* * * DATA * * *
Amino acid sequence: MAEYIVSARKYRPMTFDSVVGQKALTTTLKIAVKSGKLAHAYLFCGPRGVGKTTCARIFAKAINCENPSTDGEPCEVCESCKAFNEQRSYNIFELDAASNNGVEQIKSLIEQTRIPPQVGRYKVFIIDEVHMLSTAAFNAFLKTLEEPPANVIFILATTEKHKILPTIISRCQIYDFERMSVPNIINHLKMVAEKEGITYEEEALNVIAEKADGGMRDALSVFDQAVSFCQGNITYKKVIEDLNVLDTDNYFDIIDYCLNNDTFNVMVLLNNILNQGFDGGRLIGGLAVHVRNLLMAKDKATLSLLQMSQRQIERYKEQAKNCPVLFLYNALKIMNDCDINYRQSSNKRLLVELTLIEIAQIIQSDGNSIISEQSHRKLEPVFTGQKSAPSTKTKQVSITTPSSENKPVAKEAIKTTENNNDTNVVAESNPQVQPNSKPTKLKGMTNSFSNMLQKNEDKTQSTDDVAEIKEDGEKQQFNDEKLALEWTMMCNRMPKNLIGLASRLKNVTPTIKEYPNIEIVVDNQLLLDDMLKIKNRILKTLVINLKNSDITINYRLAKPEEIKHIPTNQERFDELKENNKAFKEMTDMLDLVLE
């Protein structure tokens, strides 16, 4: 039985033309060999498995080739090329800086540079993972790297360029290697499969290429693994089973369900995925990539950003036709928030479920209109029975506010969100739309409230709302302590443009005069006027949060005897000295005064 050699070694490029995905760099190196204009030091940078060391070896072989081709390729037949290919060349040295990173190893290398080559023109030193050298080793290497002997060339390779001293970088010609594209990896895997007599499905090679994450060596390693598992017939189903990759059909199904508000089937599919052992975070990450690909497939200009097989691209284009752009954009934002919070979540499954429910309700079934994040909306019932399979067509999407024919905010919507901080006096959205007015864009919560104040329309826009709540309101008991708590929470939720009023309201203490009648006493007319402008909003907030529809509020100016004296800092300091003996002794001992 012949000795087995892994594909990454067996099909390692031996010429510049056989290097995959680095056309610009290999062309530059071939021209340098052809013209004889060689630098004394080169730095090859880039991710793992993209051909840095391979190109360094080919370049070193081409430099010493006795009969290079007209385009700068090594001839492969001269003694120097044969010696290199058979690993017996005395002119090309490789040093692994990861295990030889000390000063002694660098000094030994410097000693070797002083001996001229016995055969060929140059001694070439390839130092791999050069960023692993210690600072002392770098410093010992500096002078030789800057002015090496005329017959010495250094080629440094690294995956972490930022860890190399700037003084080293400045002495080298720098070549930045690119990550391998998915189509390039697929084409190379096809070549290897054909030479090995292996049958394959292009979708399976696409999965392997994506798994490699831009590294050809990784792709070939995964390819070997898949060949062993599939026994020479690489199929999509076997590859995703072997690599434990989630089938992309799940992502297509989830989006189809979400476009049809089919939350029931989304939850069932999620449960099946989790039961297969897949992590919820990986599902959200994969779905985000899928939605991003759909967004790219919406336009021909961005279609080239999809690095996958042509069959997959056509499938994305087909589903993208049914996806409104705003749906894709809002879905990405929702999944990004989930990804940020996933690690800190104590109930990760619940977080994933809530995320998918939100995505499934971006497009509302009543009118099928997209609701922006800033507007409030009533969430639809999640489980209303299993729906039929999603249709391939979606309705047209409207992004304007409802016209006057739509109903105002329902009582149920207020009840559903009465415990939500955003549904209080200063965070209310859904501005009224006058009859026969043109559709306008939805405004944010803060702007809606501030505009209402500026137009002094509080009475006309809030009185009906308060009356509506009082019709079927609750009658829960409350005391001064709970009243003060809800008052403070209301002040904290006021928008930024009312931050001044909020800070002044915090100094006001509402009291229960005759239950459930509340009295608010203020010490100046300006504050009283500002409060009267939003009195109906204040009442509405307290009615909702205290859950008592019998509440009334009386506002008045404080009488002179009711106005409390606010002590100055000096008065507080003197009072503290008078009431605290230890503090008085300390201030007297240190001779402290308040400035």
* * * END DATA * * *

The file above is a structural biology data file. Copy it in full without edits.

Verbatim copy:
Amino acid sequence: MAEYIVSARKYRPMTFDSVVGQKALTTTLKIAVKSGKLAHAYLFCGPRGVGKTTCARIFAKAINCENPSTDGEPCEVCESCKAFNEQRSYNIFELDAASNNGVEQIKSLIEQTRIPPQVGRYKVFIIDEVHMLSTAAFNAFLKTLEEPPANVIFILATTEKHKILPTIISRCQIYDFERMSVPNIINHLKMVAEKEGITYEEEALNVIAEKADGGMRDALSVFDQAVSFCQGNITYKKVIEDLNVLDTDNYFDIIDYCLNNDTFNVMVLLNNILNQGFDGGRLIGGLAVHVRNLLMAKDKATLSLLQMSQRQIERYKEQAKNCPVLFLYNALKIMNDCDINYRQSSNKRLLVELTLIEIAQIIQSDGNSIISEQSHRKLEPVFTGQKSAPSTKTKQVSITTPSSENKPVAKEAIKTTENNNDTNVVAESNPQVQPNSKPTKLKGMTNSFSNMLQKNEDKTQSTDDVAEIKEDGEKQQFNDEKLALEWTMMCNRMPKNLIGLASRLKNVTPTIKEYPNIEIVVDNQLLLDDMLKIKNRILKTLVINLKNSDITINYRLAKPEEIKHIPTNQERFDELKENNKAFKEMTDMLDLVLE
């Protein structure tokens, strides 16, 4: 039985033309060999498995080739090329800086540079993972790297360029290697499969290429693994089973369900995925990539950003036709928030479920209109029975506010969100739309409230709302302590443009005069006027949060005897000295005064 050699070694490029995905760099190196204009030091940078060391070896072989081709390729037949290919060349040295990173190893290398080559023109030193050298080793290497002997060339390779001293970088010609594209990896895997007599499905090679994450060596390693598992017939189903990759059909199904508000089937599919052992975070990450690909497939200009097989691209284009752009954009934002919070979540499954429910309700079934994040909306019932399979067509999407024919905010919507901080006096959205007015864009919560104040329309826009709540309101008991708590929470939720009023309201203490009648006493007319402008909003907030529809509020100016004296800092300091003996002794001992 012949000795087995892994594909990454067996099909390692031996010429510049056989290097995959680095056309610009290999062309530059071939021209340098052809013209004889060689630098004394080169730095090859880039991710793992993209051909840095391979190109360094080919370049070193081409430099010493006795009969290079007209385009700068090594001839492969001269003694120097044969010696290199058979690993017996005395002119090309490789040093692994990861295990030889000390000063002694660098000094030994410097000693070797002083001996001229016995055969060929140059001694070439390839130092791999050069960023692993210690600072002392770098410093010992500096002078030789800057002015090496005329017959010495250094080629440094690294995956972490930022860890190399700037003084080293400045002495080298720098070549930045690119990550391998998915189509390039697929084409190379096809070549290897054909030479090995292996049958394959292009979708399976696409999965392997994506798994490699831009590294050809990784792709070939995964390819070997898949060949062993599939026994020479690489199929999509076997590859995703072997690599434990989630089938992309799940992502297509989830989006189809979400476009049809089919939350029931989304939850069932999620449960099946989790039961297969897949992590919820990986599902959200994969779905985000899928939605991003759909967004790219919406336009021909961005279609080239999809690095996958042509069959997959056509499938994305087909589903993208049914996806409104705003749906894709809002879905990405929702999944990004989930990804940020996933690690800190104590109930990760619940977080994933809530995320998918939100995505499934971006497009509302009543009118099928997209609701922006800033507007409030009533969430639809999640489980209303299993729906039929999603249709391939979606309705047209409207992004304007409802016209006057739509109903105002329902009582149920207020009840559903009465415990939500955003549904209080200063965070209310859904501005009224006058009859026969043109559709306008939805405004944010803060702007809606501030505009209402500026137009002094509080009475006309809030009185009906308060009356509506009082019709079927609750009658829960409350005391001064709970009243003060809800008052403070209301002040904290006021928008930024009312931050001044909020800070002044915090100094006001509402009291229960005759239950459930509340009295608010203020010490100046300006504050009283500002409060009267939003009195109906204040009442509405307290009615909702205290859950008592019998509440009334009386506002008045404080009488002179009711106005409390606010002590100055000096008065507080003197009072503290008078009431605290230890503090008085300390201030007297240190001779402290308040400035």